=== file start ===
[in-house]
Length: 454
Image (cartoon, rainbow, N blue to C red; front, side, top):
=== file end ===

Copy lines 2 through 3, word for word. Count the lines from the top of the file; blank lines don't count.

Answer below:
Length: 454
Image (cartoon, rainbow, N blue to C red; front, side, top):